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Outlet Merchandise Origin and Quality

Outlet Merchandise Origin.

Where does the merchandise at outlet stores come from? How can the outlets sell it so cheaply? And how does outlet quality compare to retail? Those questions have different answers depending on the company (see table below). Linda Humphers, editor in chief of Value Retail News, illustrated this point by painting us a picture of three different brands.
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"Nike's goal has always been to use outlet stores as liquidation for anything left over from their wholesale accounts, though they have begun manufacturing T-shirts for their outlets to fill out stock," she said. "Bloomingdale's doesn't make anything specifically for their outlet stores, but they manufacture more of certain items. These items go directly to the outlet store, and you will find them in regular stores as well. Brooks Brothers manufactures 100 percent of their outlet merchandise for the outlet."

Companies that stock their factory stores with retail merchandise can often afford to sell it for less because they're cutting out the middle man and going directly to the consumer. Samsonite is able to offer higher-quality merchandise at its company store than it does through retailers such as Macy's and still keep prices affordable. The luggage manufacturer and other brands such as Carter's also may carry a wider selection of products than their retail partners.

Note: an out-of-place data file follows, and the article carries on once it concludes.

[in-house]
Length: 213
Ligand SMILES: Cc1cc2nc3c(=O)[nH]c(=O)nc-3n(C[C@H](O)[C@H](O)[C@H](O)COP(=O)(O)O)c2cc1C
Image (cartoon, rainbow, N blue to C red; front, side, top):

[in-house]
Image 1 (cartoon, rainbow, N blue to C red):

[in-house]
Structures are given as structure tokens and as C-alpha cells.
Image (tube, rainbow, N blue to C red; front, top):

(Article continues after table.)

OUTLET WHAT YOU'LL FIND
Gap
Separate line of made-for-outlet apparel.
Banana Republic
Separate line of made-for-outlet apparel.
Gymboree
Reproductions of retail kids' clothes from previous seasons that have been altered for the outlet, as well as made-for-outlet pieces.
Carter's
The same current-season baby clothes sold in department and big-box stores, plus additional sizes and a larger selection.
Kate Spade
Primarily made-for-outlet accessories but also some sale and liquidation items from retail stores.
Coach
Primarily made-for-outlet leather goods but also some sale and liquidation stock from retail stores.
Restoration Hardware
Dented, dinged, and special-order furniture at a discount. Also liquidation stock from retail and some made-for-outlet goods.
L'Occitane
Discontinued retail lines and full-price retail lotions and soaps.
Samsonite
Current-season luggage and products from other global markets, some that are carried at retail and some that are sold only at company stores. Quality may be better than retail.
Le Creuset
Current line of retail stoneware and so-called "second quality" cast-iron products. Also discontinued colors and some full-price merchandise.
Calphalon
Open stock (sold individually without packaging), overstock, and slightly damaged cookware.

Some stores ship sale items, overstock, and unpopular or out-of-season goods to their outlets. Those items are already reduced when they arrive and go through additional markdowns until they sell. Few stores rely solely on liquidation stock, but Restoration Hardware and L'Occitane carry a lot of it. Kate Spade and Coach also receive some liquidation merchandise from retail stores. Tommy Bahama stocks its outlet stores with unsold clothing from the previous year.